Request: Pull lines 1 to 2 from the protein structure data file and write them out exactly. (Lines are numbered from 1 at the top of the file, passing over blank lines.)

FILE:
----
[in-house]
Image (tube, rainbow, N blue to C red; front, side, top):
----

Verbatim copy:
[in-house]
Image (tube, rainbow, N blue to C red; front, side, top):